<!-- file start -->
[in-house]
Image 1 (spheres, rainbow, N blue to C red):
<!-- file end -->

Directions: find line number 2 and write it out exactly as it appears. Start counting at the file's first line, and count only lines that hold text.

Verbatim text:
Image 1 (spheres, rainbow, N blue to C red):